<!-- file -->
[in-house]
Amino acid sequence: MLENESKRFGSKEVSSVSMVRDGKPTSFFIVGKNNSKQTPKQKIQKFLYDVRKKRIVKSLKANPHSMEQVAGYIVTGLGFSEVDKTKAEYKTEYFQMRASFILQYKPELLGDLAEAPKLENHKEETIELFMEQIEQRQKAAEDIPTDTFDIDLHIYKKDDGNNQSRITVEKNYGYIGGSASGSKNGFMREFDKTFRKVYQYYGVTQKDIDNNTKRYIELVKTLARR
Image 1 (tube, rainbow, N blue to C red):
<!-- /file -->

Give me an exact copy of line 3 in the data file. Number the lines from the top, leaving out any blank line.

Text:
Image 1 (tube, rainbow, N blue to C red):